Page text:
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    Sep 2013
    Location
    Central Alabama, Shelby County
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    323

    Default Re: No treatment hives

    Quote Originally Posted by gruntworker View Post

    He believes that the most gentle bees to be the victims of Varroa. It must be possible to train a trait of gentleness into bees by selective breading. I wonder this trait would weaken them...
    One of the points brought forward by TF beekeepers is that chemical treatment allows inferior genetics to survive. You have to filter through them to find the occasional jewel. There is a local nuc breeder that breeds strictly for gentleness as most of his customers are beginners.

    This is my second beekeeping career. When re-entering the hobby I tried SC/TF on LC package/LC nucs. The type you work without a veil. They died. My half of my current crop are ferals, half pit viper and half stomped on cottonmouth. They are alive. The other half are Carpenter queens and the jury i still out on them.

    Africanized are SC/TF.

  18. #37
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    Mar 2011
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    Utica, NY
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    13,203

    Default Re: No treatment hives

    Don't know what all the acronyms mean.
    Brian Cardinal
    Zone 5a, Practicing non-intervention beekeeping

  19. #38
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    Nov 2011
    Location
    Rader, Greene County, Tennessee, USA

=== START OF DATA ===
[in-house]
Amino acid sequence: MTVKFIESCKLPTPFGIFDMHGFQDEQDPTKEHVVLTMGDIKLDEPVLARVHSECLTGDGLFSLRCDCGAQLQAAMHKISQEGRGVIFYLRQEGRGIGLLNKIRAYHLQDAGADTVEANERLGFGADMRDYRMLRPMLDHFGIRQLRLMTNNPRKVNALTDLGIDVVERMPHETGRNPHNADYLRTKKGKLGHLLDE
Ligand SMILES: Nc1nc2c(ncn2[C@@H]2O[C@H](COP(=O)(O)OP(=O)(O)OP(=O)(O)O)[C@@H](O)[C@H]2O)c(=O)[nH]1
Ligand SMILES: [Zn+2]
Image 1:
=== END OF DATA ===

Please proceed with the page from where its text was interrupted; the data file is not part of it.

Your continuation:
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    10,898

    Default Re: No treatment hives

    Treatment Free
    Small Cell
    Large Cell
    Graham
    USDA Zone 7A Elevation 1400 ft

  20. #39
    Join Date
    Mar 2015
    Location
    Kamloops, BC, Canada
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    1,407

    Default Re: No treatment hives

    I think there are enough published mechanisms of mite resistance that the idea that bees can survive only with broodbreaks and swarming can be put to rest.

    Mite resistance can be solved by shifts in behaviour, using tools the bees already possess if they use them. Some bees are using them. Proper selection is needed to bring them to the fore.

  21. #40
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    Jul 2010
    Location
    jackson county, alabama, usa
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    10,341

    Default Re: No treatment hives

    Quote Originally Posted by lharder View Post
    I think there are enough published mechanisms of mite resistance that the idea that bees can survive only with broodbreaks and swarming can be put to rest.

    Mite resistance can be solved by shifts in behaviour, using tools the bees already possess if they use them. Some bees are using them. Proper selection is needed to bring them to the fore.
    good post. i would only add that while the focus has been concentrated on genetics and traits (mostly because that's something we can work with) there are likely other factors at play such as the role of nutrition and beneficial symbionts in the hive (which are poorly understood at this point but hopefully our scientists are trying to figure out).